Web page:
Updated: Oct 10, 2021
As puppies turn into adult dogs, they often hit a couple of milestones at about 1 year and 2 years of age. Larger dogs tend to age slower, while smaller dogs age faster through adolescence.
When puppies turn 1, they are in the middle of adolescence, just like human teenagers, they become more selective of their friends and there is often a marked decrease in play. They will usually seek out playmates that match their play style preference.
When adolescents turn 2, there is another marked decrease in play. There are 3 main behavior changes that are normal at this milestone:
More selective of their playmates: Instead of taking all comers like they once did as a puppy, adult dogs prefer their familiar playmates. They can still make new friends, but the familiar friends are almost always preferred. They often seek out other dogs that share their preferred style of play. Often the friends they grew up with will share a form of shorthand – like an inside joke you might share with your friends.
Less tolerant of rude/pushy behavior: As dogs mature, they are less tolerant of other dogs getting in their face, jumping on their back, or otherwise rude behaviors. They might snark or growl in response to rude behavior, when they hadn’t done that before. It is appropriate for a dog to express their displeasure in another dog’s rude behavior.
Reduction in play overall: Dogs that once were in the middle of the fray might transition to wall flowers. Instead of being in the middle of the stage, they are now in the audience. They might join in once in a while, but take more breaks during the day, and play might not last as long each time.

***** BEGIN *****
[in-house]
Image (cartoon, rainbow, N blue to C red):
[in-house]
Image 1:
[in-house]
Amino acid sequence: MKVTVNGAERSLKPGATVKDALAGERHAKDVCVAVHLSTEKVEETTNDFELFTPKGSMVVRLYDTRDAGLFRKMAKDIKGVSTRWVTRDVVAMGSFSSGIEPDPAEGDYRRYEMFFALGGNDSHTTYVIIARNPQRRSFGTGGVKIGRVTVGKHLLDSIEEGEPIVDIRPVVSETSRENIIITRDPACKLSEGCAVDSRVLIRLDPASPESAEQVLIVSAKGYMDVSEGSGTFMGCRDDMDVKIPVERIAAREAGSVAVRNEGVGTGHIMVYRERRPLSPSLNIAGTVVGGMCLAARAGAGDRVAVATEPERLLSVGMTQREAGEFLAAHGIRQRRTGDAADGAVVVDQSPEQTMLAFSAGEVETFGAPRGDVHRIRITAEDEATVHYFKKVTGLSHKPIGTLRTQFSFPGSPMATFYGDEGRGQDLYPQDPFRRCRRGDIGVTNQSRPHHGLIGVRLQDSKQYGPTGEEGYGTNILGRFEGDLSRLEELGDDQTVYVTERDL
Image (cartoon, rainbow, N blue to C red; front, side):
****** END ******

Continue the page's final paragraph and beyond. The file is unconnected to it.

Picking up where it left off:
This is NORMAL dog behavior. You do not play the same way as you did when you were young, and we should not expect our dogs to either.
This aging milestone is often called “Aging Out of Daycare” to explain how once social dogs no longer enjoy the high energy adolescents that are common in daycare environments. Some dogs still enjoy the daycare environment, while others would prefer to participate in other activities.
If your dog is the latter type, there are lots of alternatives to dog parks and dog daycares for these dogs. Try a dog sport like agility, nosework, or flyball. Host mini get-togethers for dogs that still enjoy each other’s company, but maybe not the company of strangers. Spend more time together with just humans – take walks, join training classes, or snuggle on the couch. If your dog daycare offers a private play option, this might be a great alternative for your dog as he ages. If not, a dog walker might be a better choice while you are away at work.